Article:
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September Home Sales Up About 18 Percent Statewide Compared To Last Year

Northern Wisconsin Sees Strongest Growth In Home Sales

'Sale pending' sign outside of a house
In this Aug. 21, 2012, file photo, the exterior of a house with a pending home sale sign is viewed in Palo Alto, Calif. Paul Sakuma/AP Photo

Home sales and home prices in Wisconsin jumped in September, according to the latest data out from the Wisconsin Realtors Association.

The number of homes sold in the state jumped by about 18 percent in September compared to the same month last year. And the median price for a house similarly increased about 18 percent in September relative to the same month last year, up from $195,000 in Sept. 2019 to $229,000 in Sept. 2020.

Kent Gabrielsen, president of the La Crosse Area Realtors Association, said the housing market has been extremely competitive in his region.

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“I’ve had properties recently where I’ve had, you know, 11 offers over the first weekend … most of them over list price,” Gabrielsen said.

Joe Horning, president of Shorewest Realtors, said he’s also seeing a hot housing market in southeastern Wisconsin.

“The demand for homes under $400,000 is off the charts,” Horning said. “We’re seeing up to 15 to 20 offers on a home. We’re seeing homes go for $25,000 over asking (price).”

Horning also noted a big influx of people moving north from Illinois to communities like Racine, Kenosha and Lake Geneva, a trend he ascribes to more flexible work from home policies on the part of employers.

WRA President and CEO Michael Theo said in a statement Monday that the increase in demand is being driven by both “low mortgage rates and an improving job market in the state.”

The U.S. Federal Reserve has taken aggressive action throughout the pandemic to lower the cost of borrowing in an attempt to encourage Americans to spend, which in turn stimulates the economy. As a result, interest rates on mortgages have been at record-lows nationally.

Brenda Barnhardt, executive vice president of the Realtors Association of Northwestern Wisconsin, said the low mortgage rates are a boon for homebuyers.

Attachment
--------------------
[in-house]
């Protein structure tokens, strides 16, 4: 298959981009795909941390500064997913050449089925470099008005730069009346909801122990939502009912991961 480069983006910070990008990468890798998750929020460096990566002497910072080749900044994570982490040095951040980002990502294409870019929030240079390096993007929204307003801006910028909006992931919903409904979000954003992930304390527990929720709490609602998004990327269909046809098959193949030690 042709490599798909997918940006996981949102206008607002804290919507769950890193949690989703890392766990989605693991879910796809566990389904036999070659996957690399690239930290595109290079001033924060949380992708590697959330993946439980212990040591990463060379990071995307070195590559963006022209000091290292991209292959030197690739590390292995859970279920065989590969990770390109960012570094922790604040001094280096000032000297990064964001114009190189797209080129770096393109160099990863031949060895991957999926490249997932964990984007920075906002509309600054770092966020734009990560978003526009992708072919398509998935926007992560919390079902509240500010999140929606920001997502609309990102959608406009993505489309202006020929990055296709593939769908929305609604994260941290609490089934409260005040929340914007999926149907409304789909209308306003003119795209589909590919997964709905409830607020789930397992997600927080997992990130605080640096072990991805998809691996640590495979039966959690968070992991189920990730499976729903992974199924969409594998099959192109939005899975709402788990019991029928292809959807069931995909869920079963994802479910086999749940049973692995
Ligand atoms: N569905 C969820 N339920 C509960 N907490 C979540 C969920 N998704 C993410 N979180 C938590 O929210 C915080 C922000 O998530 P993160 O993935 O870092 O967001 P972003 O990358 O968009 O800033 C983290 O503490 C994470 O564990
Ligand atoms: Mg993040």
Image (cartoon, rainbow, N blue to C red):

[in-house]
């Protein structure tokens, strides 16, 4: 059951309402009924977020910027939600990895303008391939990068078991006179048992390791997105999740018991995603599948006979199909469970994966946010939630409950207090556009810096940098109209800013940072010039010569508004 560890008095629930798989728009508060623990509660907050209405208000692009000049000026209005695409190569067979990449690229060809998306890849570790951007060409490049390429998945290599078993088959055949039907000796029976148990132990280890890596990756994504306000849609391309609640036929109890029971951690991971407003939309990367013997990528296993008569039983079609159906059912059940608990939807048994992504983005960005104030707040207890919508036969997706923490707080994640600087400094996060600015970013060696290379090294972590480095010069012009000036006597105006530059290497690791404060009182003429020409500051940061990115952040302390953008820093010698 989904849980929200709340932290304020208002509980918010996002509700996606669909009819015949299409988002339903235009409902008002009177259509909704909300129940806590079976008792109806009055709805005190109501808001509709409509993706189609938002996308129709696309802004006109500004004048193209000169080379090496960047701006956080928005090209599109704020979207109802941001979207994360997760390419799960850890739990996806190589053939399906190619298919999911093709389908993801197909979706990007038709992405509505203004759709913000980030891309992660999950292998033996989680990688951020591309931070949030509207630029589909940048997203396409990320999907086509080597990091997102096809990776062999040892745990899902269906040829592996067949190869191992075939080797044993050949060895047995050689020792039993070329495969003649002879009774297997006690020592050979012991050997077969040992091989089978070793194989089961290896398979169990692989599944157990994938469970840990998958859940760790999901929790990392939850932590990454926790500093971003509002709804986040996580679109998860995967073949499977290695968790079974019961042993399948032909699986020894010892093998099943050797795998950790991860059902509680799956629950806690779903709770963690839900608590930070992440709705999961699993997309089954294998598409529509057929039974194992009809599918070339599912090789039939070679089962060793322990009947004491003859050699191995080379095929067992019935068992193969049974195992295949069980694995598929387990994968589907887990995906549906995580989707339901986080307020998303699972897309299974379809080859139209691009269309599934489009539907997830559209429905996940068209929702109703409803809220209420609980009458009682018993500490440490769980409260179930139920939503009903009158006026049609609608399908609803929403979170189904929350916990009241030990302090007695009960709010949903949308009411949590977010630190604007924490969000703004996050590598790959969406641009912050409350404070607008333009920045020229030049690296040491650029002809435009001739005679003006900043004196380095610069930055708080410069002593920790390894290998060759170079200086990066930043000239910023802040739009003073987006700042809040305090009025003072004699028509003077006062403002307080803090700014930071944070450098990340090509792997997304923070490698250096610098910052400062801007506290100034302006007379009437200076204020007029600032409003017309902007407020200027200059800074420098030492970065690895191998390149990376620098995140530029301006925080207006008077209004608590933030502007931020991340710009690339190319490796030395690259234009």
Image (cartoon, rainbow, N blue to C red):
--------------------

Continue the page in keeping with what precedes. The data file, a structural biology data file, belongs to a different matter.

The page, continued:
“It’s allowing buyers to, you know, buy properties at a little bit higher costs because their price still remains low … so they have a good opportunity to purchase when there becomes a property available for them,” Barnhardt said.

As of Oct. 15, average interest rates for mortgages hovered between two and three percent, according to Freddie Mac which aggregates mortgage rate data.

Judd Stevenson, president of the Realtors Association of Northeast Wisconsin, said that some current homeowners who purchased a home in the past when interest rates were higher likely “remember buying houses at (a) 7 percent (interest rate).”

“I bought my first house at 14 percent,” Stevenson said.

Houses priced between $200,000 and $349,000 have seen the most sales since October of last year. But less expensive homes, priced between $125,000 and $199,999 have moved the quickest, spending on average about 72 days on the market over the same time period.

Theo said despite the pace of growth, realtors are “hampered by limited (housing) supply, and that is really pumping up prices.”

Northern Wisconsin saw the strongest home sales in September, with an increase of close to 28 percent year over year. That region consists of 18 counties including Iron, Ashland, and Price — all of which saw some the biggest sales increases in the region, according to the WRA data released Monday.

The state’s 14-county northeastern region saw the smallest increase, with September home sales up about 5 percent year over year.

Editor’s note: This story will be updated.

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